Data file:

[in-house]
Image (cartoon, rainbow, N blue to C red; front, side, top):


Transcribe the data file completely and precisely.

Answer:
[in-house]
Image (cartoon, rainbow, N blue to C red; front, side, top):